A few days ago, my wife had Arthur Hailey’s Airport on an old retro movie channel. That movie began a lifelong aversion to plane travel. My parents took me to every one of those air disaster films throughout the Seventies and to this day they can’t understand why I detest any form of plane travel.
All joking aside, though, Airport is interesting to me not only in terms of how it reflected prevailing social views of the era but also how it pointed toward toward the future of screenwriting.
First, the movie’s (and, I presume, the novel’s) plot still embraced modern as opposed to post-modern views – interesting, considering that many movies that were coming out at roughly the same time exhibited discernible post-modern traits. At the top of the list of these emerging post-modern films: The dystopian Planet of the Apes, which was released a couple of years earlier and that took a very dim view of where science and technology were taking humanity.
Interestingly, Airport foreshadowed the release some 25 years later of Apollo 13 – equally remarkable when one considers that the move was released the same year as the Apollo 13 incident which could have easily ended up as one of history’s most conspicuous scientific disasters. Yet, Airport, much like Apollo 13, released a quarter century later, affirmed the blessings of modernity – not only how science and technology enhanced the quality of life but also the role that specialists (in this case, airport administrators, pilots and mechanics) played in ensuring this success. The staff at Lincoln International Airport played as integral a part in guiding the damaged plane back to safety as the specialists at Mission Control served in bringing the shattered Apollo 13 command module safely back from the Moon.
The movie is also interesting in the way it unintentionally foreshadowed profiling. One conspicuous achievements of the film was the casting of renowned stage actress Helen Hayes, who subsequently won an Oscar for her portrayal of the endearing septuagenarian Ada Quonsett, an unusually resourceful stowaway who had eluded the airport security system countless times in her quest to visit her daughter and family. She obviously got away with it because people seldom suspected an elderly lady capable of such wrong doing.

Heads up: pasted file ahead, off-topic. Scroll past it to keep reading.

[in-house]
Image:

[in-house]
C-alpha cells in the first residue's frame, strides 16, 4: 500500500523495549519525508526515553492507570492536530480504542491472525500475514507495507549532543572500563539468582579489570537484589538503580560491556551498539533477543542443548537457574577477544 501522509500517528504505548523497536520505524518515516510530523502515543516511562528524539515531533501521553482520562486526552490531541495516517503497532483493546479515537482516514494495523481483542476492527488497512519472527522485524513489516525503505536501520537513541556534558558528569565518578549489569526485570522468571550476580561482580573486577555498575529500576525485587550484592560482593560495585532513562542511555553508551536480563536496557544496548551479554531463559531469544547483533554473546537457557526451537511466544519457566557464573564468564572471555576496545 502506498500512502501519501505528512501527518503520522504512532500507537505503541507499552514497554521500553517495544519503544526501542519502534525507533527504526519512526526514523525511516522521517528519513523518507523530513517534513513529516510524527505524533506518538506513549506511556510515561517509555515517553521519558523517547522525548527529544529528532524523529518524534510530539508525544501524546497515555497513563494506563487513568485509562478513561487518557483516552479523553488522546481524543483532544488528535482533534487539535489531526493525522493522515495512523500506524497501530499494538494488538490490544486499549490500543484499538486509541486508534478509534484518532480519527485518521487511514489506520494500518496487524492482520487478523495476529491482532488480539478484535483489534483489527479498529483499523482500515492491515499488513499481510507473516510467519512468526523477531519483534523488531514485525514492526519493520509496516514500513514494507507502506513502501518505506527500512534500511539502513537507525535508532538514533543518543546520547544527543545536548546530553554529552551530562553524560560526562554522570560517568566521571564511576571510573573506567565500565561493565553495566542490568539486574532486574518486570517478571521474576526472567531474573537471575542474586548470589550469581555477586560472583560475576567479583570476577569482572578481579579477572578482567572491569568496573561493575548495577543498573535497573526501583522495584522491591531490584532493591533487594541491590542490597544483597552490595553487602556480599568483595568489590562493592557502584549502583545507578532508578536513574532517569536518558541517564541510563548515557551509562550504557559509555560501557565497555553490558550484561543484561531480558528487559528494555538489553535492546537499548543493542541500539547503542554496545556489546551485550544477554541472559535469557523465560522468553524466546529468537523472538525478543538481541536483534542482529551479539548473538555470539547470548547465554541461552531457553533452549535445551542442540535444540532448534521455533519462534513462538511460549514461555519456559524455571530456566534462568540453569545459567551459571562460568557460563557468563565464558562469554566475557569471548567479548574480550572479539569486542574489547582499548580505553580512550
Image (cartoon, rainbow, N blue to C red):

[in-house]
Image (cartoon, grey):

In one scene a young, perceptive airport employee fascinated with Quonsett’s success, questions her about the ruses she has developed in the course of eluding airport security – an amusing foreshadowing of the 2002 biographical crime film “Catch Me If You Can,” starring Leonardo DiCaprio. In a post-9/11 world, a successful petty criminal such as Quonsett undoubtedly would be regarded as a goldmine of insights among airport security professionals. But we are talking about an era long ago when a disturbed man like D.O. Guerrero, portrayed by Van Heflin, could walk onto a plane with a bomb completely undetected – small wonder why ingenious criminal innovators like Quonsett were considered little more than quaint oddities.
The film also wove seven stories into one – a device frequently used in films today but still considered a bit of a novelty in the early 1970’s.
And, of course, there are the depictions of ancient sexual relationships – notably the extramarital affair of pilot Vernon Demerest (portrayed by Dean Martin) and Chief Stewardess Gwen Meighen (played by Jacquelin Bisset). In one scene Meighen explains to Demerest that her unplanned pregnancy is entirely her fault, having quit taking birth control pills to ensure that she remained suitably svelte. She then ensures her philandering fly boy that she would soon be paying a visit to a doctor in Sweden to make all things right.
Almost fifty years later, such a flagrant depiction of white male privilege would never be written into a film, unless the heartless male malefactor were consigned to a fiery death later in the plot.